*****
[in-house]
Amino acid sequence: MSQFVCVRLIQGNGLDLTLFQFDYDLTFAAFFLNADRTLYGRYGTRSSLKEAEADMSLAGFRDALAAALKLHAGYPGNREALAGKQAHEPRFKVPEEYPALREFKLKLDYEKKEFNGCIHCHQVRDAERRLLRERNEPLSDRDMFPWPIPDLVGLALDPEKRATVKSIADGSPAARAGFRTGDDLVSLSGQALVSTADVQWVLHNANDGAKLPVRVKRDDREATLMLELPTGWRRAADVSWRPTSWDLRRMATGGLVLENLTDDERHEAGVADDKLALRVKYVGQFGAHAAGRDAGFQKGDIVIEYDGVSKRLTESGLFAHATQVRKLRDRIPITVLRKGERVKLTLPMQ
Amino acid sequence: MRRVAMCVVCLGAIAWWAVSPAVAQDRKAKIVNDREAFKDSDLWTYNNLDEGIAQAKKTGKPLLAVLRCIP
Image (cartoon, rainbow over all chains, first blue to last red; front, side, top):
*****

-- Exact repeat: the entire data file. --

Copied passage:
[in-house]
Amino acid sequence: MSQFVCVRLIQGNGLDLTLFQFDYDLTFAAFFLNADRTLYGRYGTRSSLKEAEADMSLAGFRDALAAALKLHAGYPGNREALAGKQAHEPRFKVPEEYPALREFKLKLDYEKKEFNGCIHCHQVRDAERRLLRERNEPLSDRDMFPWPIPDLVGLALDPEKRATVKSIADGSPAARAGFRTGDDLVSLSGQALVSTADVQWVLHNANDGAKLPVRVKRDDREATLMLELPTGWRRAADVSWRPTSWDLRRMATGGLVLENLTDDERHEAGVADDKLALRVKYVGQFGAHAAGRDAGFQKGDIVIEYDGVSKRLTESGLFAHATQVRKLRDRIPITVLRKGERVKLTLPMQ
Amino acid sequence: MRRVAMCVVCLGAIAWWAVSPAVAQDRKAKIVNDREAFKDSDLWTYNNLDEGIAQAKKTGKPLLAVLRCIP
Image (cartoon, rainbow over all chains, first blue to last red; front, side, top):